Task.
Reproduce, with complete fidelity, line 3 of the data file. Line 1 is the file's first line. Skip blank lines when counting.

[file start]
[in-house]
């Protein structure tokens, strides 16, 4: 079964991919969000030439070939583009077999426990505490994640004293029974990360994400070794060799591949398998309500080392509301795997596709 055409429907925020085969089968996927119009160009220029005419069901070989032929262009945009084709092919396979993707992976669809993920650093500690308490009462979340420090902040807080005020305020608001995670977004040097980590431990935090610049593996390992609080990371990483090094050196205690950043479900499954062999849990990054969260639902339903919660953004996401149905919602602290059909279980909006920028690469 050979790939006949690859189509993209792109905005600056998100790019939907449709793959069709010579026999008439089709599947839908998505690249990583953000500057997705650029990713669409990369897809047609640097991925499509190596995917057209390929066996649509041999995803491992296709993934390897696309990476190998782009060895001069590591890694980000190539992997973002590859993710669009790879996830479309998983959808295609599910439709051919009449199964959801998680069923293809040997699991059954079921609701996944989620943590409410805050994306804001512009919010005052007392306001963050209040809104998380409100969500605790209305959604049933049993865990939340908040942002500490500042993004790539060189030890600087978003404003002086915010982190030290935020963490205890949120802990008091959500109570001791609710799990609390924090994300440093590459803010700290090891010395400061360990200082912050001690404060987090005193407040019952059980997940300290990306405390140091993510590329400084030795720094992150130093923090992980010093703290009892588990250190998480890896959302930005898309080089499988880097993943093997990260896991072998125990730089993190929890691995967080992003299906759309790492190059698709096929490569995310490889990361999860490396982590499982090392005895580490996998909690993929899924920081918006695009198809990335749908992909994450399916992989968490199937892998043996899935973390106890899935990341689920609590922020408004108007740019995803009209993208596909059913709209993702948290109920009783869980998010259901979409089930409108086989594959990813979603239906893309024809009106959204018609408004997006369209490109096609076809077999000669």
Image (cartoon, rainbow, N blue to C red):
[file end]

Image (cartoon, rainbow, N blue to C red):